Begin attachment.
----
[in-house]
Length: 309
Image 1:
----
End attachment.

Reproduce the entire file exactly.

[in-house]
Length: 309
Image 1: